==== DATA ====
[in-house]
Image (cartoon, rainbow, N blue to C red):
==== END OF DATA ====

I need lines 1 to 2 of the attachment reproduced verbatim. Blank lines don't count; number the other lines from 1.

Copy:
[in-house]
Image (cartoon, rainbow, N blue to C red):